Who Prescribes Methadone Maintenance?
Methadone, a synthetic opiate drug, provides needed relief for people struggling with opiate addiction as well as for those suffering from pain-related conditions. As a prescription opiate, methadone falls within the Schedule II narcotics class of controlled substances.
As with any controlled substance, certain federal regulations apply for any drug that requires a prescription to obtain. Additional federal regulations apply for methadone because of its use as an addiction treatment drug. These regulations dictate who can prescribe methadone for detox treatment as well as for methadone maintenance purposes.
Methadone maintenance programs follow a strict set of guidelines that determine who’s eligible for treatment and how methadone medications will be dispensed.
Methadone Maintenance Treatment
According to the Centre for Addiction & Mental Health, methadone maintenance treatment uses methadone, a synthetic opiate drug, as a replacement for addictive opiate drugs. Opiate drugs, in general, all affect the brain in the same way. This means, the brain develops a tolerance to all opiate drugs regardless of the type of drug a person uses. In effect, a person develops a cross-tolerance between different types of opiate drugs.
Since methadone is a synthetic opiate, it works well at relieving drug cravings and withdrawal effects for people in drug treatment. As an opiate class drug, methadone is also a controlled substance. While doctors can prescribe most any type of opiate drug, methadone’s role as an addiction treatment requires tighter regulations to prevent recovering addicts from abusing the drug.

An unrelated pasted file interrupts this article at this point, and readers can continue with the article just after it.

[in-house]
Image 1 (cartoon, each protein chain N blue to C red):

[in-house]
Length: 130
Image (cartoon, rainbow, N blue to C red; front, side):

Licensed Methadone Maintenance Programs
Compared to other prescription drugs, methadone’s use in methadone maintenance treatment programs is the most tightly regulated medication on the market. According to the U. S. National Library of Medicine, methadone treatment programs are monitored by both the U. S. Food and Drug Administration and the U. S. Drug Enforcement Administration. For these reasons, only licensed methadone maintenance programs can prescribe the drug.
Regulations surrounding methadone treatment also cover the treatment protocols used by these programs. Treatment protocols covered include –
- Frequency of take-home dosages
- Drug testing procedures
- Dosage amounts
When first starting out in treatment, patients must frequent the facility on a daily basis to receive their daily dose of methadone.
The licensing requirements needed to dispense methadone for addiction treatment purposes doesn’t apply for methadone’s use in treating chronic pain conditions. When used as a treatment for chronic pain, methadone can be prescribed by a physician as well as dispensed from a physician’s office.
Medical Maintenance Provisions
offer a less restrictive treatment process where patients can obtain needed methadone doses from the doctor’s office. Only recovering addicts who’ve made ongoing progress in traditional methadone maintenance programs can qualify for medical maintenance treatment.
Someone who’s progressed through a traditional program will have maintained abstinence from addictive opiate drugs and also abstained from any form of criminal activity. Participants in medical maintenance programs are allowed take-home doses of methadone as opposed to having to frequent a treatment facility every day. As opiate addicts tend to have high rates of HIV, hepatitis and tobacco abuse, medical maintenance programs also make it easier for a person to get needed medical care for conditions caused by opiate addiction.